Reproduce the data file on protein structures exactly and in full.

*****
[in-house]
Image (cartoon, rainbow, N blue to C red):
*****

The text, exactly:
[in-house]
Image (cartoon, rainbow, N blue to C red):